Talks on the reunification of Cyprus should resume only if the “political status” of Turkish Cypriots is addressed should the new talks fail, a senior Turkish Cypriot official said.
Outlining positions likely to be rejected outright by Greek Cypriots, Ozdil Nami, the chief Turkish Cypriot negotiator, said the Turkish Cypriots needed assurance that their political status would be spelled out if the talks failed.
Cyprus was split by a Turkish invasion in 1974 that followed a Greek-inspired coup. The breakaway state in the northern part of the island, with a population of about 300,000 people, is recognized only by Turkey. For Greek Cypriots, who run the island's internationally recognized government which represents the whole island in the European Union, any recognition of the north without reunification is out of the question.
“We as the Turkish Cypriot side would insist that the new process, whatever it is going to be, would have to bring clarity to the status of the Turkish Cypriots in international fora,” Nami told Reuters in an interview.
Asked to clarify, Nami said: “It would have to spell out what our political status be, should the Greek Cypriot side once again say 'no'. Either 'no' to taking a deal to referendum, or going to a referendum and saying 'no'."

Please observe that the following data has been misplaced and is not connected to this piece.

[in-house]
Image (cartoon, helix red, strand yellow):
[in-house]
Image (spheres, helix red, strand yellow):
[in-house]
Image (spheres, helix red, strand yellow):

Pressed further on whether that meant Turkish Cypriots should be accorded some form of recognition if a new initiative sank because of Greek Cypriot recalcitrance, he said: "Exactly."
Talks to unite Cyprus collapsed in July, ending one of the most promising negotiations to resolve the long-running conflict, which is a source of tension between Greece and Turkey and hampers Ankara's hopes of joining the EU. Each side blamed the other for scuppering a deal that would have seen the island united under a two-zone federal system. With a slight shift of present boundaries, northern Cyprus would have become a "constituent state" of the new federal system.
“This political ambiguity hovering about our heads for almost 50 years must end," said Nami, whose office lies a short distance from the green line controlled by the United Nations that splits the Cypriot capital, Nicosia. Since 2003, several crossing points have opened along a 180-kilometer ceasefire line patrolled by the UN. Thousands of people cross daily from one side to the other. Largely peaceful – apart from serious incidents in 1996 in which several people died – both sides say the status quo is not acceptable.
“We need to change the status quo, it is mutually agreed,” Nami said. “We either change it by finalizing a federal settlement, or we change it some other way. In both scenarios, in a mutually agreed way.”
A year after the checkpoints opened, Greek Cypriots rejected a UN reunification blueprint that critics said ran roughshod over the rights of thousands of people uprooted in the 1974 conflict. Proponents called it a realistic, workable alternative reflecting realities on the ground. Turkish Cypriots had voted in favor of the blueprint.
“No one can convince the Turkish Cypriots to once again engage in negotiations that will be hostage of a Greek Cypriot 'no'," Nami said.
Nami said he sensed “huge fatigue” in his community and that he believed the same applied on the Greek Cypriot side.
“I think in order for us to have a credible process we must be able to tell our people this process will have a specific end period, at the end of which, a decision will be taken,” he said. “Otherwise it will be extremely difficult to have the public support necessary behind the process.”